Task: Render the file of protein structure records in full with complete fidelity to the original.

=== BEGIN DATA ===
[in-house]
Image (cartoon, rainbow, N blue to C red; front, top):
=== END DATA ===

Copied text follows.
[in-house]
Image (cartoon, rainbow, N blue to C red; front, top):